Jussi Halla-aho (PS), the chairperson of the Parliament’s Foreign Affairs Committee, was photographed arriving for a committee meeting in Helsinki on 11 January 2023. Halla-aho on Monday told YLE that Turkish President’s demand that Finland and Sweden hand over 130 “terrorists” is not based on anything concrete. (Jussi Nukari – Lehtikuva)


TURKISH PRESIDENT Recep Tayyip Erdoğan on Sunday demanded that Finland and Sweden hand over around 130 “terrorists” in order to gain the support of Turkey for their bids to join Nato, according to media reports in Turkey.

“Unfortunately, they have yet to do this,” the president was quoted saying at a youth rally by state news agency Anadolu.

Jussi Halla-aho, the chairperson of the Finnish Parliament’s Foreign Affairs Committee, on Monday estimated on YLE A-studio that the number is not based on anything concrete.

“It’s more or less a number that was pulled out of a hat, that was used to raise the stakes in response to the provocation that took place in Sweden,” he analysed, referring to a recent incident where protesters hung an effigy of the president from its feet outside the Stockholm City Hall.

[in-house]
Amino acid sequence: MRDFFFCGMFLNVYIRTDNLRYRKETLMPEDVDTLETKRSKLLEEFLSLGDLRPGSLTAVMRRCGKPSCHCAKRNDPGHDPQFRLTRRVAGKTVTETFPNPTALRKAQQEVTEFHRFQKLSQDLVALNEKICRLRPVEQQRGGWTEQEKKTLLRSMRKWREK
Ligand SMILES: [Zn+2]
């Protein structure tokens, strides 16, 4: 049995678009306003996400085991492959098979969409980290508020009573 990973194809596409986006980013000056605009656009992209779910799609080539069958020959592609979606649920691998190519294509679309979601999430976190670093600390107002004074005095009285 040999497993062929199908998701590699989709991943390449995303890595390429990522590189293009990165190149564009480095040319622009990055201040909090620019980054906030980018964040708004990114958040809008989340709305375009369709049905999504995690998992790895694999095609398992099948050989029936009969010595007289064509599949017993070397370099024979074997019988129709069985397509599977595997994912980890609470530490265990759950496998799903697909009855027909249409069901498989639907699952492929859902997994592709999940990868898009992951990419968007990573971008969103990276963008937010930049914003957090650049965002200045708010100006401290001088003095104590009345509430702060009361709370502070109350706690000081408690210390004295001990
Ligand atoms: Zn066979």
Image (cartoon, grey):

Swedish Prime Minister Ulf Kristersson has described the incident as “an act of sabotage” aimed at complicating the country’s path to Nato.

Halla-aho on Monday told the Finnish public broadcasting company that the Swedish policy makers he has talked to since the demand surfaced have no idea who the alleged terrorists are. “They couldn’t get to 130 with their own calculations,” he said.

Minister for Foreign Affairs Pekka Haavisto (Greens) on Monday similarly stated that Turkey has not submitted a new list of people it believes should be extradited.

Speaker of the Parliament Matti Vanhanen (Centre), meanwhile, expressed his puzzlement with the continuous demands of Erdoğan, arguing that Turkey is surely aware that the extraditions it is demanding are not possible.

“Maybe it’s that they aren’t yet ready to make the ratification decision. I don’t know the reason for it,” said Vanhanen. “We meet all the criteria for Nato membership.”

Turkey and Hungary are the only Nato members that have yet to ratify the accession protocols of Finland and Sweden. Hungary, though, has indicated that it would give its backing to the defence alliance’s expansion and ratify the bids in early 2023.

Aleksi Teivainen – HT